147.It must be shown that the Judicial Officer has demonstrated lack of judgment, knowledge, diligence and ability, to consistently and ably discharge the duties of his or her office. Incompetence cannot be read from one Civil Application dealt with by a Judicial Officer.
148.In re Baber, there was a substantial number of Attorneys and fellow Judges, who gave evidence relating to the conduct of Judge Baber, in judicial work, over a period of time. Reputation and opinion testimony was adduced. Incompetence of a Judicial Officer is to be assessed from cumulative evidence. It is demonstrated by a pattern of inappropriate conduct over a period of time, as held, In re Conduct of Jordan, 290 Or. 669,624 P. 2d. 1074 and 1076 [banc 1981]
149.In finding Judge Baber incompetent, the Court ruled that it did not reach the conclusion based on any one incident or charge, ‘’ but rather on a recurrent pattern of mistaken rulings, over a period of years.’’ It is important to note that the petitioner was charged with judicial incompetence, not misconduct. In re Baber, misconduct was defined as ‘’transgression, dereliction, unlawful or wrongful behaviour, or impropriety that is wilful in character.’’ It was observed that Courts had in the past, used the term ‘misconduct,’ as a convenient collective term for several constitutional standards for removal that connote wrongdoing. Incompetence was held to denote ‘’ inherent incapacity that need not be coupled with wilful wrongdoing. When unaccompanied by wrongful behaviour, incompetency does not constitute misconduct.’’ article 168  of the Constitution of Kenya on removal of Judges, names incompetence as a ground for removal, separate from other grounds – inability to perform functions, arising from mental or physical incapacity; breach of code prescribed for Judges of the Superior Courts by an Act of Parliament; bankruptcy; and gross misconduct or behaviour.
150.The petitioner was not in the view of the Court judged fairly by the respondent. The charge against her was lack of competence. It was based on a single ruling. The ruling itself was made in accordance with the law, and facts presented before the Petitioner by the Parties. The Petitioner exercised an exclusive jurisdiction, in dealing with issues arising or emanating from a decree, issued by the Magistrate’s Court. There were no Magistrates, Judges or Advocates who worked with her, who attested to her incompetence over a period of time. It was not shown that she was no longer capable of discharging the judicial function. She was not declared incompetent based on cumulative evidence. The decisions of the Judicial Officer under disciplinary proceedings on incompetence, must be shown to have been consistently far afield of precedent and the law. They must be shown to amount to egregious violation of fundamental rights, to an extent that the Judicial Officer appears to have embraced impunity towards the law. The court does not think that the ruling of the petitioner in question, or any other of her hundreds of decisions, was shown to fall within these parameters, to result in a finding of incompetence.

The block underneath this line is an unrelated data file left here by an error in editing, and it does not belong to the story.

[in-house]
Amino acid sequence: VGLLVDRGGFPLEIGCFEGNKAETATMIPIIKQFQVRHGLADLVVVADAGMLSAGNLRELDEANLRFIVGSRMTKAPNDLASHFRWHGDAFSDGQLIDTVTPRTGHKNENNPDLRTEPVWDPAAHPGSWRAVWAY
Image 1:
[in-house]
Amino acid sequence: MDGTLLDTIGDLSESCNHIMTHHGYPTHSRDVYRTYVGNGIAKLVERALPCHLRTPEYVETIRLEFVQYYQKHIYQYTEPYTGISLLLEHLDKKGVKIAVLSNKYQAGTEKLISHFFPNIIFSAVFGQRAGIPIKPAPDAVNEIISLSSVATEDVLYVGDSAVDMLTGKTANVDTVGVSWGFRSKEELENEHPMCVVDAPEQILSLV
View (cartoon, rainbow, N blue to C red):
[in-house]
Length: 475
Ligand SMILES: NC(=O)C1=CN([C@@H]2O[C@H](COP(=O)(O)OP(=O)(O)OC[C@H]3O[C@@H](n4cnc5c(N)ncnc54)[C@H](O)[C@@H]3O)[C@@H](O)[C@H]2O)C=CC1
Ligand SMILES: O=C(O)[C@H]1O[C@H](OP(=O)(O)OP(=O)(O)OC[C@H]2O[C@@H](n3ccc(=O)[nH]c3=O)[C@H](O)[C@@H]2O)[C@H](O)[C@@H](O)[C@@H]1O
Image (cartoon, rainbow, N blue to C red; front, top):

151.The petitioner testified that over time, she had worked diligently, and was promoted by the Respondent, heading and establishing Courts, and lastly was appointed as the Deputy Registrar, in charge of the Employment and Labour Relations Court at Kisumu. She had recorded hundreds of rulings and judgments. A competence determination must remain focused on the Judicial Officer’s ability to consistently follow and apply the law over time.
Judicial Discretion, Independence and Immunity.
153.The court does not propose to discuss the concepts in greater depth, beyond what was said by the Supreme Court.
154.The dispute involved 2 Hon. Judges of the High Court of Kenya, Francis Gikonyo and Charles Kariuki, who had been sued by a Party who had appeared before them, and failed to get favourable decisions. Having failed at the High Court and the Court of Appeal in assigning civil liability to the Judges for their decisions, the aggrieved Party, exuding considerable confidence in its cause against the Judges, filed Petition at the Supreme Court, asking the Supreme Court to among other orders, declare that members of the Judiciary do not enjoy absolute immunity under Article 160  of the Constitution.
155.The Supreme Court held that immunity is granted to Judicial Officers, under article 160  of the Constitution of Kenya, where Judicial Officers’ acts or omissions are made in good faith and in performance of their judicial functions.
156.It was explained by the Supreme Court that judicial immunity is based on public policy, allowing Judicial Officers to express themselves freely, in matters brought before them, and have confidence that in carrying out judicial functions, they will not be prosecuted or harassed. The rationale for judicial immunity is the preservation of independent decision-making. The immunity is not for the benefit of the Judicial Officer, but for the administration of justice.
157.The Supreme Court also held that immunity is not a carte blanche for judicial impunity. Judicial Officers must act in good faith. Good faith was defined in the decision, as a state of mind consisting honesty in belief or purpose; faithfulness to one’s duty or obligations; and absence of intent to defraud or to seek unconscionable advantage. Unchecked immunity was found to lead to a disturbing body of jurisprudence, which resulted in denying citizens redress for violations caused by errant Judicial Officers.